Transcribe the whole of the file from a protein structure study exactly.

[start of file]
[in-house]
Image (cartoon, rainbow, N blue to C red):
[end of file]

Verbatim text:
[in-house]
Image (cartoon, rainbow, N blue to C red):